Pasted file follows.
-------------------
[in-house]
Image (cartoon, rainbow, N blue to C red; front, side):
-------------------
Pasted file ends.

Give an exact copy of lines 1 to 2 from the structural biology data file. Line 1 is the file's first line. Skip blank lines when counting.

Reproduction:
[in-house]
Image (cartoon, rainbow, N blue to C red; front, side):